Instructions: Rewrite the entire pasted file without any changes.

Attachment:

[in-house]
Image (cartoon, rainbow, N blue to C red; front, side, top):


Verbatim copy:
[in-house]
Image (cartoon, rainbow, N blue to C red; front, side, top):